And in our schools…
Our school curriculum, where discussion of morality and moral issues still takes place largely in Religious Education lessons, tends to reinforce conventional links between religion and ethics. Attempts to separate the two, for example by teaching Citizenship or introducing ethical issues into other subjects, can provoke worryingly defensive reactions from RE professionals. Yet as long as the two are taught together Margaret Knight’s concern that when children cast off their religious beliefs, as many do, they might also cast off moral values, remains well-founded.
However, the picture today has improved since the 1950s, and RE has undergone a transformation at least as radical as any other school subject since then. No longer is it simply Christian scripture taught in a way that assumes assent; the introduction of other world religions and the multi-cultural nature of many classrooms put an end to that. Many RE teachers acknowledge that many pupils have no religious belief or culture, and that reliance on those as a source of moral values would be mistaken. Much of the discussion of morality and moral issues in RE is genuinely impartial and detached from any particular worldview, except, perhaps, a rather vague and implicit humanism. In other subjects where ethical issues come up, this is even more so. The downside of all this open-mindedness and vagueness can be a pervasive but unstated and unrecognised (and so unchallenged) moral relativism, sometimes, paradoxically, accompanied by the view that whatever is natural must be good (a view often, wrongly, blamed on the rise of evolutionary psychology) and absolutism about, for example, animal rights. A good dose of philosophy would do more to cure these ethical muddles than the good dose of religion that is often prescribed, though I doubt that philosophy alone can make people better human beings.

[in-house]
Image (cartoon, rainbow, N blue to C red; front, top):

What else is there?